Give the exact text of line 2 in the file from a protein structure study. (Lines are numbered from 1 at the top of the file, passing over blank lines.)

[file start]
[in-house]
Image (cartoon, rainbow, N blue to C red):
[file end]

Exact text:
Image (cartoon, rainbow, N blue to C red):